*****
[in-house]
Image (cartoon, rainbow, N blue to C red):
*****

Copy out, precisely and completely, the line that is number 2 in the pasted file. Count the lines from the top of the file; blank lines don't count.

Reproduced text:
Image (cartoon, rainbow, N blue to C red):